Tauopathies are defined by assembly of the microtubule associated protein tau into filamentous tangles and classified by the predominant tau isoform within these aggregates. The major isoforms are determined by alternative mRNA splicing of exon 10 generating tau with three (3R) or four (4R) ~32 amino acid imperfect repeats in the microtubule binding domain. In normal adult brains there is an approximately equimolar ratio of 3R and 4R tau which is altered by several disease-causing mutations in the tau gene. We hypothesized that when 4R and 3R tau isoforms are not at equimolar ratios aggregation is favored. Here we provide evidence for the first time that the combination of 3R and 4R tau isoforms results in less in vitro heparin induced polymerization than with 4R preparations alone. This effect was independent of reducing conditions and the presence of alternatively spliced exons 2 and 3 N-terminal inserts. The addition of even small amounts of 3R to 4R tau assembly reactions significantly decreased 4R assembly. Together these findings suggest that co-expression of 3R and 4R tau isoforms reduce tau filament assembly and that 3R tau isoforms inhibit 4R tau assembly. Expression of equimolar amounts of 3R and 4R tau in adult humans may be necessary to maintain proper neuronal microtubule dynamics and to prevent abnormal tau filament assembly. Importantly, these findings indicate that disruption of the normal equimolar 3R to 4R ratio may be sufficient to drive tau aggregation and that restoration of the tau isoform balance may have important therapeutic implications in tauopathies.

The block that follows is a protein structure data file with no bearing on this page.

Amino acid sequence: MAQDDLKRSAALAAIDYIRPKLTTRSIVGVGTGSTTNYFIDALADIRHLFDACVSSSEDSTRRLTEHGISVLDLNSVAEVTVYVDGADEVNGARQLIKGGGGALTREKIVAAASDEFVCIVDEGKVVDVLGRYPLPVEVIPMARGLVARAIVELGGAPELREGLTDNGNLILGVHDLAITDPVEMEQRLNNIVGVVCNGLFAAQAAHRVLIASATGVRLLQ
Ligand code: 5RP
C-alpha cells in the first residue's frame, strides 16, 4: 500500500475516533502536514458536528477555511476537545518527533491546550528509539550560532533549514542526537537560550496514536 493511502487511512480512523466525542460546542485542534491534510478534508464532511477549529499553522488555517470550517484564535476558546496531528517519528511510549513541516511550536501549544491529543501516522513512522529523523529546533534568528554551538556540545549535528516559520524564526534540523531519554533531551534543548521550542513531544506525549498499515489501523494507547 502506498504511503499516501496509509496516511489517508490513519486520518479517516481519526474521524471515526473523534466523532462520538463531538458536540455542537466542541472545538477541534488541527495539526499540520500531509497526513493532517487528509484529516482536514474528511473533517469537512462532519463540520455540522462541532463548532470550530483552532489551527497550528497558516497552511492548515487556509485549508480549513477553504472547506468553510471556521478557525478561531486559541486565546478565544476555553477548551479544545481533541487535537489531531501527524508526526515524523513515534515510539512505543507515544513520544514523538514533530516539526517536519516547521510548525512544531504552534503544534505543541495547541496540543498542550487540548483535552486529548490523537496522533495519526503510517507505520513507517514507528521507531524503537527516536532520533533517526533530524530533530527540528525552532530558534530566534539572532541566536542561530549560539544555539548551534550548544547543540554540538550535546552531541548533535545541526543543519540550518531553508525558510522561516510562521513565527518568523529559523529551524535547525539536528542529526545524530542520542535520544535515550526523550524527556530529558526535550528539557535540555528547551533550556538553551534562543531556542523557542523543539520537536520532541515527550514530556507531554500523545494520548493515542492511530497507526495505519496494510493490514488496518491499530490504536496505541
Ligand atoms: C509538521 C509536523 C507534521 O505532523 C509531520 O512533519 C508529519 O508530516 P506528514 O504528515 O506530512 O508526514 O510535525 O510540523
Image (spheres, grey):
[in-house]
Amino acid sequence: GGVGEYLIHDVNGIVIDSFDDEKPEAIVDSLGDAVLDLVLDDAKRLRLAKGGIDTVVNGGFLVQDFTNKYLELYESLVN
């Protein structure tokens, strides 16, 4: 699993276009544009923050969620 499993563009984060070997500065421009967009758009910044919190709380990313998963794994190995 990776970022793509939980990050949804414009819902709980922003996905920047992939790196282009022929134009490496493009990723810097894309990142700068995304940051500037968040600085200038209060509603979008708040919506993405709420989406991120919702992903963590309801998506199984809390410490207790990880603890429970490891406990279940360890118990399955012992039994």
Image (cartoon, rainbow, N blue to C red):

ASJC Scopus subject areas
- Biochemistry, Genetics and Molecular Biology(all)
- Agricultural and Biological Sciences(all)